off road

Operation in Extreme Weather Conditions
Install Tire Chains
1) Spread out one of the tire chains
2) Drive the vehicle over the tire chain
3) hook the inside fastener to the chain assembly
4) hook the end fastener to the chain assembly
5) repeat steps 1 through 4 for the other wheel
6) Move the vehicle forward a few feet and re tighten each chain assembly
7) Periodically check the tire chains

hook the inside fastener to the chain assembly
Maneuver the tire chain assembly until the cross-link sections are evenly spaced around the tire. hook the inside fastener to the chain assembly. tighten the chain assembly as much as possible

Hook the end fastener to the chain assembly
Hook the end fastener to the chain assembly on the outside of the tire, and secure it with a locking retainer to tighten the chain assembly. Ensure as many cross-link sections as possible lie between the sidewall tread lugs on both sides of the tire.

Move the vehicle forward a few feet and retighten each chain assembly
to remove any slack from where the tire was resting on the chain. secure the loose chain links to the chain assembly with a wire or other field expedient method.

Periodically check the tire chains
After driving the vehicle one or two miles, stop and re tighten the tire chains. periodically check the tire chains during operations to ensure the tire chain have not slipped

Operation in Extreme Weather Conditions
Remove Tire Chains
Operation in Extreme Weather Conditions
Remove Tire Chains
1) Detach the locking retainer and unhook the end fastener.
2) Unhook the inside fastener and remove the chain assembly.
3) Drive the vehicle off the chain.
4) Repeat steps 1 through 3 to remove all remaining chains.
5) Stow the tire chains.

Caution:
Remove the tire chains from the tires as soon as possible after leaving areas requiring their use. Prolonged use of tire chains may damage the drivetrain.

Detach the locking retainer and unhook the end fastener.
Detach the locking retainer and unhook the end fastener.
First, detach the locking retainer from the end fastener, and unhook the end fastener from the chain assembly.

Unhook the inside fastener and remove the chain assembly.
Unhook the inside fastener and remove the chain assembly.
Next, unhook the inside fastener from the chain assembly, and remove the chain assembly from the tire

Which of the following statements about tire chains is correct?
Prolonged use of tire chains may damage the drivetrain.

Operation in Extreme Weather Conditions
Operating in Extreme Heat
Operation in Extreme Weather Conditions
Operating in Extreme Heat
As a HMMWV operator, you need to know how to operate your vehicle in extreme heat, that is, when the ambient temperature is 95 degrees F or higher.

Extreme heat decreases engine efficiency.

Operation in Extreme Weather Conditions
Before Operating in Extreme Heat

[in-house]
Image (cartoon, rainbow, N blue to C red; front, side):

In addition to performing normal Before Operations PMCS, when operating in extreme heat, complete the following:

-Check the radiator fins.
-Check the batteries.

Operation in Extreme Weather Conditions
Check the Radiator Fins
Operation in Extreme Weather Conditions
Check the Radiator Fins
Check the area in front of the oil cooler and radiator. Remove anything that could reduce airflow through the oil cooler and radiator fins, such as dirt or foreign objects.

Report any damaged or bent fins to unit maintenance

Operation in Extreme Weather Conditions
Check the Batteries
Operation in Extreme Weather Conditions
Check the Batteries
In extreme heat conditions, the electrolyte in wet cell batteries will evaporate more quickly than normal, so it is important that you check these batteries more frequently.

If the electrolyte level is below the split ring in a battery cell, add distilled water as needed.

If your vehicle uses gel-type batteries, the electrolyte level check is not applicable.

Operation in Extreme Weather Conditions
Operation in Extreme Heat
While operating a vehicle in extreme heat:

Monitor dashboard gauges frequently.

Take action if there are indications of overheating

CAUTION:
Avoid continuous vehicle operation at high speeds. Avoid long hard pulls on steep grades with the transfer case shift lever in the low (L) range position. Damage to the transfer case will result.

Operation in Extreme Weather Conditions
Dashboard Gauges
Check the coolant temperature gauge and the oil pressure gauge frequently. The following are indications that the engine is overheating:

-The engine coolant temperature is more than 250 degrees F for the ECV (230 degrees F for the M1123).
-The overheat lamp is lit.
-The engine oil pressure drops below approximately 30 psi under normal driving conditions.
-The engine oil pressure drops below approximately 6 psi with the engine at idle.